The walking is pleasant as we head up through tiny hamlets in the early morning light, but already it is warm. Our route turns sharply up a dry river bed and into a shady gorge where the path becomes "steep and relentless". Our guide is patient - we are lugging our backpacks with us and he carries nothing. We learn he is Muslim, and is fasting, but he tells us that he'll drink if it is necessary. The whole day we don't see him drink anything. Near the top our path peters out and the final hour is a slog almost straight uphill. I get a twinge of vertigo looking behind me. The pass is hidden slightly by forest but we get glimpses of the next valley 900 metres below. The path down turns out be as steep as the one up, and we are very glad to arrive at our guesthouse. We still have no idea why a guide needed to accompany us.The next day we walk up to the next village, which is a Nuristani village. A young man here explains that his people came about a hundred years ago, from Afghanistan. The Nuristanis were known as the Red Kafirs, unbelievers, and the king decided in the 1890's to forcibly convert them. It was Islam or the river. Some fled over the passes and settled next to the Kalash, who were known as the Black Kafirs. Ironically the Nuristanis are now Muslim. Lower down we visit the Kalash museum, part of a complex which includes a school, hospital, library and meeting space. It was built by a Greek NGO. We still see Kalash women, easy to spot in their traditional clothes, but this valley seems more mixed and more touristed, not as friendly. The Kalash hamlets are set away from the road.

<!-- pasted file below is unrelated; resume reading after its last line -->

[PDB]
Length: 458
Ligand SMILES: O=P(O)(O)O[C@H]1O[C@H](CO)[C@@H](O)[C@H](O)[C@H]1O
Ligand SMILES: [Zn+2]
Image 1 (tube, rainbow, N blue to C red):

We take the jeep track to walk to the next Kalash valley of Rumbur. On the way I'm hailed by a man on the other side of the valley. He waves me over but I don't move and he finally runs down to cross a bridge and up to the track. He wants to know if I know any Pakistanis in England. I tell him yes, my best friend's family are from Pakistan. "What's your friend's name?" "Imran Khan." He smiles then - he thinks I'm taking the mickey. "Do you know Saeed Abbas?" he asks. "Er, no" and I try to explain that there are lots of Pakistanis in England and I don't know them all. Finally, after handshaking, smiles and a touch of the hand over the heart, he lets me go.
British government aid, for a cause close to my heartIn Rumbur we stay at Engineer Khan's house. His wife makes good food and he makes good wine. A Frenchman showed him how to. Here we meet Jef and Els, a young Belgian couple we first met back in Passu. It's funny to meet up again so far from Hunza. Engineer Khan is a fan of Zardari, who has just been elected President, and dismisses the allegations of corruption and gangsterism. Someone else has a theory that Pakistan will always support its leader, provided they are strong. Once they appear weak, they will talk them down. At the moment it seems everyone is giving 'Mr. Ten Percent' the benefit of the doubt, in the hope that he can reverse the conflict and bombings.